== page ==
Monday, 10 June 2013


I have starting to knit again the reason for this is that I need to keep my finger plyable or they will just stiffen up with the arthrits. I have knitted a number of scarfs for my daughters but unfortunately I did not take a pictures of them so I cant show them to you but I do have a picture of Mary and baby Jesus I will be knitting Joseph next.
I have never knitted things like this before and I found it very fiddely .

This is a Scottish Fairilse berret and this is the type of things I like to knit

lse Berret It was knitted with shetland wool which I bought on one of my overseas visits.

This is the side view

I am going to knit another one for my daughter Melissa

 Elizabeth has already got hers

Sunday, 9 June 2013

 For this challenge . 
I have remade the back of my 1533 gown which is far too small for me it was not an easy job but it fits squares and triangles challenge.  I have made the back 2" longer and 4" wider  it looks very nice and I am looking forward to wearing it again.
 This is the front of the Gown it is fully boned
I tried to show you the sleeve but it did not come out very good  it does not show the slashed sleeves
Another view of the sleeve with the trim going down the full length of the sleeve
  This is the back and as you can see it is not finished and I have to add more trim
This is one view of the inside of the back with all the new work showing
 The other side showing the hand work done

The Challenge 11 Squares, Rectangles & Triangles
Fabric:Rayon Velvet

Pattern: Pianting



How historically accurate is it? 100% mostly hand sewn

Hours to complete: 45 hours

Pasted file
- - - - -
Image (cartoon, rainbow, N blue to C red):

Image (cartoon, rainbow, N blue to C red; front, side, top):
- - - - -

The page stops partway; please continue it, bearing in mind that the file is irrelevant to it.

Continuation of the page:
First worn: 15th May

Total cost Zero. 

Tuesday, 14 May 2013


As I dont read much I have decided to make a late 18th century Fishu - Handkerchief  which I hope to wear with the 1790's Caraco dress (the petticoat and shoes I have already made) and as I dont have the corset made yet so I cannot make the Caraco jacket it should get made soon I hope.   The only thing left to me was the Fishu

I am really sorry about having to put a seam down the middle of the back but I had no choice as 
I did not have that much material.

The Challenge 10 -Literature
Fabric: solid stripped gauze

Pattern: none

Year: 1790

Notions: Cotton thread

How historically accurate is it? I don't know but I will be hand sewn

Hours to complete: 8 hours

First worn: for the picture but will be worn in June

Total cost material from my stash.

Sunday, 14 April 2013

Flora and Fauna

Challenge 9

Flora and Fauna

1873 Hat 

I already had the materials including a small black straw with the back turned up.  I had bought it to make an 1873 hat around 2006  so this hat cost me nothing as all the decorations were out of my stack..

The Challenge:9

Fabric: Straw, feathers art flowers piece of lace

Pattern: one
Year: 1825


How historically accurate is it? copy of an original with the use of different colours etc

Hours to complete: 4 hours

First worn: ever will be worn when I go to an event which calls for the 1873 dress I have finished on the fortnightly sewing.

Total co; Nil

As I had finished the 1873 hat for the Challenge early I was trying to think of what else I could do.
Then I remembered that  after an event   I had to loan an 1835's bonnet from a friend as my own one was far to large and wide on the brim I just did not like it and thought that I should take it down to the frame and re-do it, shouldn't take me long I told myself 11 hours later all was finished except the ties which I did this morning another hour soon passed  and thank goodness it is now finished and I will be able to wear it  at another event this weekend.

The Challenge:9

Fabric: Cotton, Buckrum
Year: 1835

Notions: Feathers and Trim

How historically accurate is it?  I do not think it is inaccurate as the pattern I used when I first made it said it was period correct.